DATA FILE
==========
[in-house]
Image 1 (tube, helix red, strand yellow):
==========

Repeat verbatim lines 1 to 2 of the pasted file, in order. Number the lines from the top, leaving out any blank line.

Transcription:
[in-house]
Image 1 (tube, helix red, strand yellow):